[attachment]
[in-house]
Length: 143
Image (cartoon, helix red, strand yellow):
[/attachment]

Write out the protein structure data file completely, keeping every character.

[in-house]
Length: 143
Image (cartoon, helix red, strand yellow):